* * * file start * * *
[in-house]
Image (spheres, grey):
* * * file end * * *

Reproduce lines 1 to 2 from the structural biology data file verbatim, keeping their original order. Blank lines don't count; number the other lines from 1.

[in-house]
Image (spheres, grey):